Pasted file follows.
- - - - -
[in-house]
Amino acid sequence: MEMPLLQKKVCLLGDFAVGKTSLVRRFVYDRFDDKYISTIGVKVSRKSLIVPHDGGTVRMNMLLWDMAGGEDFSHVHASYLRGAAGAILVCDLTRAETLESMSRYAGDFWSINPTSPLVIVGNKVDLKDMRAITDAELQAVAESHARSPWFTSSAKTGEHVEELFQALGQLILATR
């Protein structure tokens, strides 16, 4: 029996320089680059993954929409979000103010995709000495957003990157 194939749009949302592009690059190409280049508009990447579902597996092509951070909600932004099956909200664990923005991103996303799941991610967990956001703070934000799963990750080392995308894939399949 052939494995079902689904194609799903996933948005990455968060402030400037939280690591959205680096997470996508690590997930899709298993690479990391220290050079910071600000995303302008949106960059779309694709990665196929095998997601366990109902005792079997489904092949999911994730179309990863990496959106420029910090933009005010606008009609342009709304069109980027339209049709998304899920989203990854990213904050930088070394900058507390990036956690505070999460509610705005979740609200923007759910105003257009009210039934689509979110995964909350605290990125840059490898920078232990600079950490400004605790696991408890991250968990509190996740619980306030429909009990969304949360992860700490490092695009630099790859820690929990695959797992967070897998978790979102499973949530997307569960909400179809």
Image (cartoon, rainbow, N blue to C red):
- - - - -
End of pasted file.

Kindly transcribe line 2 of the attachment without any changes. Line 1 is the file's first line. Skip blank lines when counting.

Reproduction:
Amino acid sequence: MEMPLLQKKVCLLGDFAVGKTSLVRRFVYDRFDDKYISTIGVKVSRKSLIVPHDGGTVRMNMLLWDMAGGEDFSHVHASYLRGAAGAILVCDLTRAETLESMSRYAGDFWSINPTSPLVIVGNKVDLKDMRAITDAELQAVAESHARSPWFTSSAKTGEHVEELFQALGQLILATR